Renting Services will process the rental bond release form electronically, to enable the tenant to immediately transfer the rental bond to their new premises.

If the dispute goes to the Tribunal, the landlord must prove the claim because the rental bond money is the tenant’s money. The required proof is – the initial and outgoing Condition Reports, quotations for repair, invoices and dated photographs.

The Rental Bond Board pays interest on the rental bond at the rate payable under the Commonwealth Bank Everyday Access Account. This sounds fair until you find that the interest rate is a peppercorn interest rate of 0.01% pa – i.e. 1/100th of 1%, which means that a rental bond of $2,800 will earn 28˘ per annum in interest!
 

Tenant Selection

Because 4 weeks rental bond is inadequate security against tenant default, choosing the right tenant is very important – most landlords regard good tenant selection as their single most important task.

Tenant Databases help tenant selection because they contain records of tenants who have ‘black marks’ against their name – such as vacating with rent arrears or having had their tenancy terminated by the Tribunal because of default. Listings remain current for 3 years.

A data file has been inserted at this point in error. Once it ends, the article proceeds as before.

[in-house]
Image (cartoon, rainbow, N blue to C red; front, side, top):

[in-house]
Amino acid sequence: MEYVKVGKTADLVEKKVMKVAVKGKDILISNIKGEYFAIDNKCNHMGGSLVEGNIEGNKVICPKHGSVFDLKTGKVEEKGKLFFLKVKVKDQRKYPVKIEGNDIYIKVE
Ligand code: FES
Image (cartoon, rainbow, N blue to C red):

Managing agents can turn away prospective tenants based on the information in a Residential Tenancy Database without being accused of discrimination, in much the same way as Banks can use defaults in credit files as a reason to decline loan applications.

Other useful tools in tenant selection include checking the tenant’s current rental ledger, personal and business references, income verification and affordability tests.


The Landlord’s Guide to Renting has been produced by Cordato Partners Lawyers, as part of its Property Law practice. It contains a brief outline of the Tenancy Law.

Because it is a general guide, is not intended to be relied upon for any specific tenancy situation. For those situations professional advice should be obtained.

If you would like to receive the Guide as a pdf email attachment rather than as a hard copy, or would like further hard copies of the Guide to distribute to clients, friends and relatives -
Contact us by email – info@propertyinvestmentlawyer.com.au or by phone (02) 8297 5600 (speak to Sally Wade). Our office is located at Level 5, 49 York Street, Sydney NSW 2000 (near Wynyard Station).

Also visit our website www.propertyinvestmentlawyer.com.au to view the Guide and other property investment information.